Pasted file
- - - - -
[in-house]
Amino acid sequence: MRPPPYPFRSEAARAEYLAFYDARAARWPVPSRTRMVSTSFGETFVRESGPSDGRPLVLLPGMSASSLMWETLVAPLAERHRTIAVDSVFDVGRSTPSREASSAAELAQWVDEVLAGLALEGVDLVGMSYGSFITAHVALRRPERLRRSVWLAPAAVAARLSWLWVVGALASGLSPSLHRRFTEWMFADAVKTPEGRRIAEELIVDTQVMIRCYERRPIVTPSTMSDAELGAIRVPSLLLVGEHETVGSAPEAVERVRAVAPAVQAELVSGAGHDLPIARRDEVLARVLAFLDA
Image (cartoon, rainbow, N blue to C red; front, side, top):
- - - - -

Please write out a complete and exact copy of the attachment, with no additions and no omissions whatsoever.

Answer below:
[in-house]
Amino acid sequence: MRPPPYPFRSEAARAEYLAFYDARAARWPVPSRTRMVSTSFGETFVRESGPSDGRPLVLLPGMSASSLMWETLVAPLAERHRTIAVDSVFDVGRSTPSREASSAAELAQWVDEVLAGLALEGVDLVGMSYGSFITAHVALRRPERLRRSVWLAPAAVAARLSWLWVVGALASGLSPSLHRRFTEWMFADAVKTPEGRRIAEELIVDTQVMIRCYERRPIVTPSTMSDAELGAIRVPSLLLVGEHETVGSAPEAVERVRAVAPAVQAELVSGAGHDLPIARRDEVLARVLAFLDA
Image (cartoon, rainbow, N blue to C red; front, side, top):